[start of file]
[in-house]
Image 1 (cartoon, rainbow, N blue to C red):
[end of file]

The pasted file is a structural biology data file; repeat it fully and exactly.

[in-house]
Image 1 (cartoon, rainbow, N blue to C red):